BETA-PD: Balance Elderly Training and Activity in Parkinson’s disease.

The BETA-PD project aims to translate knowledge from basic neuroscience into applied research and clinical understanding and implement the evaluation methods and highly-challenging balance training program into clinical practice. Our main hypothesis is that highly challenging exercise will lead to greater gait and balance ability, increased levels of physical activity and an improved health related quality of life.

Project description

The BETA-PD study consists of several steps: method development and laboratory studies, an efficacy study, an effectiveness/implementation study and neuroplasticity studies.

Beta PD study

Method development (Step 1)

We have tested the validity and reliability of the measurement methods that we use. We have also conducted kinematic and kinetic studies in movement laboratories (at KI and at Sunnaas rehabilitation hospital) in which we have investigated straight walking, variability and turning strategies as well as the effect of levodopa on these strategies in individuals with PD (ON and OFF their medication) compared to controls.

Efficacy (Step 2)

We have developed the HiBalance program and showed the program to be feasible and effective to improve balance performance, gait velocity, step length, cognitive performance while dual-tasking, as well as beneficial transfer effects to everyday living, seen as increased physical activity and improved activities of daily living. Analysis of the long-term effects showed that effects on gait, balance and physical activity attenuated after the training period and at 6 months no group effects were evident.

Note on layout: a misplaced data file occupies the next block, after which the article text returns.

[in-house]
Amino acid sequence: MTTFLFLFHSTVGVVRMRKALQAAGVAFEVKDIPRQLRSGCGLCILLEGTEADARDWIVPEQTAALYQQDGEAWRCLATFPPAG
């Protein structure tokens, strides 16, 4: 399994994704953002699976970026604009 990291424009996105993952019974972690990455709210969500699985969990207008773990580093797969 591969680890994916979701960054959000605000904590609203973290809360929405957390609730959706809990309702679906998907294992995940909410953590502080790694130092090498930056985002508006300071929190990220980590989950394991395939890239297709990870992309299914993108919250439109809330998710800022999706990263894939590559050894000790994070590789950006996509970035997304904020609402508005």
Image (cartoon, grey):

Findings from a qualitative study, suggest that being pushed to the limits of balance capacity provoked people with mild-moderate PD to re-think their individual motor and cognitive resources, a process that was further enabled by the PD-specific group setting.

The implementation/effectiveness (Step 3)

The implementation/effectiveness consists of a clinical effectiveness trial together with implementation research. We are here using a type-1 hybrid design by testing effects of the HiBalance program delivered in clinical setting on relevant patient outcome measures while observing and gathering information on barriers and facilitators to the implementation process We have performed a pilot study in primary care facilities in Stockholm. During spring 2016, we started the full implementation and effectiveness trial. Training and data collection concerning the outcome evaluation of the trial was completed at all clinics in February 2018. Analysis is ongoing. Additionally, we have performed a series of longitudinal focus-group interviews with the trainers in which we have followed their perceptions of implementing the program over two years.